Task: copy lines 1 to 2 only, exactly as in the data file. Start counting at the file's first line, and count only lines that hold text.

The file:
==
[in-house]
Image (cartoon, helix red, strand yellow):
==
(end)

[in-house]
Image (cartoon, helix red, strand yellow):